The amount of books and blog posts available on the topic of productivity will show you just how difficult it is for anyone to actually achieve the goal of ultimate productivity.
It is even more challenging for managers, executives, and entrepreneurs since they are usually involved in many projects, have a lot of responsibilities, and are under extreme pressure to succeed. It is even more important for them to be productive. Productivity is important because it helps you get clear up front on the activities you do that create the greatest productivity and lead to the biggest results.
Have No-Meeting Day every week
We have compiled a list of our favorite productivity hacks that are both highly effective and easy to implement in no time. The benefits of being more productive are endless if you can develop effective productivity skills and learn to be more productive on your most crucial activities. Good productivity can help you set better goals, be more effective, increase focus and boost motivation.
We chose this hack as our first hack because it’s so simple, yet it can have a huge impact on productivity. Several companies have created the No-Meeting-Day-of-the-Week to abolish at least some of the unnecessary meetings.
It is designed so that people can have at least one day a week when they can just focus on building products. Why not book an entire day to handle important projects? Managers need uninterrupted blocks of time to deal with important tasks.
Imagine how much you can accomplish if you had one day free from meetings: you could work on a single project, learn a new skill, organize your inbox by answering all your important emails, unsubscribe from blogs you don’t read, etc. Attend only those meetings this week that are extremely important and you should attend.
Do fewer things & single-task
At first glance, this may seem counterproductive, but if you think about it, one of the biggest problems today is that we try to do too many things at once.
In a Harvard Business Review article called The Magic of Doing One Thing at a Time, author Tony Schwartz explains why 25 to 50% of people feel burnt out at work. It is based on the fact that people juggle too many things at the same time, instead of focusing on a single task at hand.
If they would switch from multi to single-tasking, a lot more things would go into the “done” bucket everyday, and you’ll become so much more productive. According to Schwartz, people are unable to focus deeply on a single task because they are surrounded by too much noise: “urgent” emails, social media updates, phone calls, etc.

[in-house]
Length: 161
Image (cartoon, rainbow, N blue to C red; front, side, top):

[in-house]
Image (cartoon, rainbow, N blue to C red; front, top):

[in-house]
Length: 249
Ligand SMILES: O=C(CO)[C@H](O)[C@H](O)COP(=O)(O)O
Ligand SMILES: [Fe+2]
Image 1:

Remove the noise
We have on our hands one of the most powerful noise-making instruments today: social media. Many professionals now realize that spending too much time on social media can harm their productivity, but there is a widely held belief that social networks help us stay connected. A manager’s ability to connect with partners, peers, and the target audience is crucial.
Because we look at social media the wrong way, I think it ends up hurting our productivity. Social media platforms are not seen for what they are, and that is entertainment.
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“No” stands for being productive
Billionaire Warren Buffett once said: “The difference between successful people and very successful people is that very successful people say ‘no’ to almost everything.” It’s so easy for working professionals today to fall into the trap of saying “yes” to most things, and fill their schedule with activities that don’t matter in the long run.
So if you find yourself in the situation described above, there’s only one way to approach it: ruthlessly say “no” to things that aren’t highly important. Think twice before you decide whether you should attend a conference you were invited to or not. Same goes for meetings, speaking engagements, internal presentations, new features for your products, and more.
Think about it this way: you saying “no” to unimportant projects means that you say “hell, YEAH!” to the things that really matter to you and your business. Remember Steve Job
Use your brain for processing, not storage
It doesn’t mean you have to remember everything you do, but the more you do, the more things need to be done. Organize your thoughts by implementing a system. Reduce your stress levels by all means.
Management can be a stressful job, and it’s easy to pass along that stress; it’s highly contagious. On the other hand, employees tend to be appreciative of, and work hard for, managers who adopt a calmer, low-stress approach. To the extent you can control how you handle stress, the better off you are. Again, it’s just common sense: If given a choice, what employee prefers to work in a high-stress environment?
It is easy to build employee loyalty by adopting a patient attitude rather than a harried, always on edge attitude.
In an environment where management tends to be chronically impatient (“I need it yesterday, or at the latest, in 10 minutes!”), employees naturally value managers who are able to maintain a more relaxed attitude. Why wouldn’t they? It’s just a more enjoyable setting to spend 40 hours or so a week in.
Maintain focus on results-orientation
It’s all about this at the end of the day, of course. Management is nothing if not results-driven. Without positive outcomes, even the most well-intentioned focus on low stress, patience, and consistency will not get you anywhere (except probably out of a job!). Studies show that many managers, even senior managers, are surprisingly weak at accountability. Focusing on your critical deliverables — your top-tier measurable goals and objectives — is always productive.